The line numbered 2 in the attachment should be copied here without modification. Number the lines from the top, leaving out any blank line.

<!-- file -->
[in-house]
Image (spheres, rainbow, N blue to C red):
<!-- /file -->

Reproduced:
Image (spheres, rainbow, N blue to C red):